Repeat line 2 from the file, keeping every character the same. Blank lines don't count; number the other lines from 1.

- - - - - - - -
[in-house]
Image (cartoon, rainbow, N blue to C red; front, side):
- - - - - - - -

Image (cartoon, rainbow, N blue to C red; front, side):